Tephrosia virginiana (L.) Pers.
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Basis for Listing
Tephrosia virginiana is found throughout the eastern United States except for Maine and Vermont, and also occurs in Ontario, Canada. It reaches the northwest limit of its range in southeast Minnesota where it occurs in just four counties, all within the Blufflands Ecological Subsection. Tephrosia virginiana is typically found on deep sand and gravel deposits along several major rivers in the southeast including the Root, Whitewater, Mississippi, and Zumbro rivers. All historic occurrences of the species are also from these areas.
Tephrosia virginiana is a perennial legume with one to several stems branching from the base of the plant. It is 20-70 cm (7.9-27.6 in.) tall and has a soft, gray-green appearance due to the presence of many silky hairs on its leaves and stems. It has two-toned pink and cream flowers that are 1.5-2.0 cm (0.59-0.75 in.) across. Flowers are arranged in dense clusters at the tips of the stems. The fruit is a long, narrow, hairy pod (Black and Judziewicz 2008) up to 5 cm (2.0 in.) long (Ladd 1995). Each leaf is pinnately divided into 15-31 narrowly oval-shaped leaflets.
In Minnesota, T. virginiana most often grows in dry, sandy habitats with lots of sunlight and scattered trees. It is found in denser woodland settings as well, but mostly in the sunny openings between groups of trees. Vegetation in these habitats is typically sparse, with bare ground between plants. Tephrosia virginiana often grows on south- and west-facing slopes, although it can be found in level habitats on sand as well. All of the habitats are fire-dependent and found on very well-drained deep sands or sand and gravel. The most common canopy tree associated with T. virginiana is Quercus velutina (black oak) although it is sometimes found with Q. ellipsoidalis (northern pin oak) or Q. macrocarpa (bur oak), and occasionally under Pinus banksiana (jack pine) or P. strobus (white pine). Other commonly associated species are Schizachyrium scoparium var. scoparium (little bluestem), Monarda punctata var. villicaulis (horsemint), Lupinus perennis (wild lupine), and Tradescantia spp. (spiderworts).
Biology / Life History
Tephrosia virginiana is an insect pollinated species. The seeds are dispersed short distances when the pods break open and twist, throwing the seeds. Tephrosia virginiana has deep woody roots, which contain rotenone, a fish poison (Great Plains Flora Association 1986).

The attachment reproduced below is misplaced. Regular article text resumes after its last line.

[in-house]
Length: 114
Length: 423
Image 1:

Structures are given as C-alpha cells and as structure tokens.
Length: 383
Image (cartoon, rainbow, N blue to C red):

Conservation / Management
The prairie and savanna habitats of T. virginiana were originally maintained by frequent wildfires, but active fire suppression has interrupted this cycle. When woody species close in and increase the amount of shade in the habitat, T. virginiana decreases in number or disappears. Therefore, it is important to use prescribed fire to manage the habitat of this species. Other threats include invasion of non-native species, livestock grazing, and off-road vehicles. Invasive species such as Centaurea maculosa (spotted knapweed) and Euphorbia esula (leafy spurge) are chronic problems in sandy prairies in southeast Minnesota where they are able to outcompete native vegetation for light, space, nutrients, and/or water. Tephrosia virginiana is also known to disappear with grazing (Great Plains Flora Association 1986). Lastly, off-road vehicle use easily disturbs unstable sandy soils and associated vegetation, and makes the site vulnerable to erosion. This can contribute to loss of habitat for T. virginiana, or may directly impact individual plants.
Conservation Efforts in Minnesota
Most existing populations of T. virginiana are located on public lands, including three Scientific and Natural Areas (Rushford Sand Barrens SNA, Mound Prairie SNA, and Kellogg-Weaver Dunes SNA). A large complex of populations is also located in the Whitewater Wildlife Management Area along the Whitewater River, and several populations are within the R.J. Dorer Memorial State Forest. Some of these areas are likely managed with fire, but it is unknown whether specific management efforts have been targeted at this rare species.
Black, M. R., and E. J. Judziewicz. 2008. Wildflowers of Wisconsin and the Upper Midwest. Cornerstone Press, University of Wisconsin, Stevens Point, Wisconsin. 271 pp.
Dudley, J. L., and K. Lajtha. 1993. The effects of prescribed burning on nutrient availability and primary production in sandplain grasslands. American Midland Naturalist 130(2):286-298.
Gleason, H. A., and A. Cronquist. 1991. Manual of vascular plants of northeastern United States and adjacent Canada. Second Edition. New York Botanical Garden, Bronx, New York. 910 pp.
Great Plains Flora Association. 1986. Flora of the Great Plains. University Press of Kansas, Lawrence, Kansas. 1,402 pp.
Ladd, D. M. 1995. Tallgrass prairie wildflowers: a field guide. Falcon Press Publishing Co., Inc., Helena and Billings, Montana. 262 pp.